37,000 Canadians Compromised by TransUnion Data Breach

TransUnion Canada acknowledged that the credit information of 37,000 Canadians may have been exposed. According to the company, someone used one of its business customer’s login credentials to gain unauthorized access to consumer credit files. TransUnion discovered the breach in August and began notifying customers earlier this month.

In a notification letter sent to consumers, TransUnion said, “By way of background, TransUnion operates a portal through which our business customers can retrieve consumer credit files for permitted purposes. An unidentified person illegally obtained CWB National Leasing’s access code and password to the portal, which has permitted access to some of TransUnion’s credit file information between approximately June 28 and July 11, 2019.”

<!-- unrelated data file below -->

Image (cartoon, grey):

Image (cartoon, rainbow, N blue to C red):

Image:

Using a name, address, date of birth, or Social Insurance Number, the attacker would have been able to view a consumer’s addresses, credit balances, and repayment information. TransUnion is offering two years of free credit monitoring to affected consumers.

Canadians have been impacted by a string of data breaches at credit bureaus and financial institutions over the past two years. Earlier this year, a data leak at Desjardins exposed data on 2.7 million Canadians. In 2017, Equifax’s massive breach exposed the personal information of 19,000 Canadians.

New Zealand Health Care Provider Hacked, Data of Millions of New Zealanders Potentially Exposed